Welcome to the Reuther Library's podcast archive. They are arranged by publication date with the most recent on top and the oldest at the bottom.

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[Podcast] Organizing Your Own: The White Fight for Black Power in Detroit

Tales from the Reuther Library Podcast Artwork

Dr. Say Burgin explains that contrary to the common belief that white activists were purged from the Black freedom movement in the mid-1960 and 1970s, Black-led organizations in Detroit – including the Northern Student Movement, the City-Wide Citizens Action Committee, and the League of Revolutionary Workers—called on white activists to organize within their own white networks to support Black self-determination in education, policing, employment, and labor unions.  read more »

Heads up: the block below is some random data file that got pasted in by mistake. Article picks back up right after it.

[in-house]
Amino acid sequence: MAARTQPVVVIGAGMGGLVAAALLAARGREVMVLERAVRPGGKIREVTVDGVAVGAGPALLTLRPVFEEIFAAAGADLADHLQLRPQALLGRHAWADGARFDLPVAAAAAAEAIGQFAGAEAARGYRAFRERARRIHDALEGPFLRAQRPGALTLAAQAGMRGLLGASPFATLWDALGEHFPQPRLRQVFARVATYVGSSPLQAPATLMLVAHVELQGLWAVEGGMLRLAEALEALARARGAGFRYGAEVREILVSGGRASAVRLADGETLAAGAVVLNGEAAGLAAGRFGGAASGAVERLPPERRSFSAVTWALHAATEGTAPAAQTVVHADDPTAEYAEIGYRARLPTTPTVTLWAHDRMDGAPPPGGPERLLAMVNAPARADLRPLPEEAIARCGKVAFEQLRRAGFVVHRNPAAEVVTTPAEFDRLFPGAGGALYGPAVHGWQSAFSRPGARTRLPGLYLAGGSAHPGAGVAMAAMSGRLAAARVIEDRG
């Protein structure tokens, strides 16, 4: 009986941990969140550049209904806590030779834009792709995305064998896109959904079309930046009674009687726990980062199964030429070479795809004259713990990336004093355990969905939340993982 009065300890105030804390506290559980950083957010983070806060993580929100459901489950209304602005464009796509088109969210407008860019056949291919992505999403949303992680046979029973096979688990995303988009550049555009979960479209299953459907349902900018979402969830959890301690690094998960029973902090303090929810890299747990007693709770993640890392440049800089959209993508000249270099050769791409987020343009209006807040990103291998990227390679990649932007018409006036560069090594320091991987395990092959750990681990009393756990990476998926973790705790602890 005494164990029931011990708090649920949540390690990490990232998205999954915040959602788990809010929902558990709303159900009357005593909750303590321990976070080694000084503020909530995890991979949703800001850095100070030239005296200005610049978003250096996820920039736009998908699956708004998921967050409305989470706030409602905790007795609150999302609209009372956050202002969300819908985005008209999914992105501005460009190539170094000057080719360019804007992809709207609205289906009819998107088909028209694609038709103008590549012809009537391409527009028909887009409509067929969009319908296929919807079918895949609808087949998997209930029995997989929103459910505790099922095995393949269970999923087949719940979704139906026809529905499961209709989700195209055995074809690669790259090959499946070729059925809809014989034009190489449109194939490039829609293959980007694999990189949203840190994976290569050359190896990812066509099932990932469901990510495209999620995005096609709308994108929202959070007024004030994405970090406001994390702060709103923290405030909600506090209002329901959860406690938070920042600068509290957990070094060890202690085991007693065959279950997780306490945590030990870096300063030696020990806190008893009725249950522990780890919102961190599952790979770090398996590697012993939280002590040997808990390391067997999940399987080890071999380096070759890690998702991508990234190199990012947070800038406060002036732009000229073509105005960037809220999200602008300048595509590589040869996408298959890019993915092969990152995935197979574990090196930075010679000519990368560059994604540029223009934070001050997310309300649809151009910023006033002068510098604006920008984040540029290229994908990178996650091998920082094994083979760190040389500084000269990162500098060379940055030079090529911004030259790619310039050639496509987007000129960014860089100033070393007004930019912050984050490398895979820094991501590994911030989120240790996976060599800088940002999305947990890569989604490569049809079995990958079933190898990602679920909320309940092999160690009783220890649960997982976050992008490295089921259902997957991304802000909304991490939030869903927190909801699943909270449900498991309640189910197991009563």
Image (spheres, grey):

[Podcast] Hillbilly Highway: Charting White Migration from Appalachia to the Industrial Midwest

Tales from the Reuther Library Podcast Artwork

Dr. Max Fraser shares the often overlooked story of the “hillbilly highway,” the route nearly eight million poor, rural, white Americans took in the 20th century from economically depressed areas in the Southeastern and Southern United States toward higher paying factory jobs in the Upper South and Midwest.  read more »

[Podcast] Betty Friedan's Labor Roots

Tales from the Reuther Library Podcast Artwork

Rachel Shteir shares how Betty Friedan’s early experience as a labor reporter for the Federated Press informed her later work as a famed women’s rights activist, author of The Feminine Mystique, and co-founder of the National Organization for Women.  read more »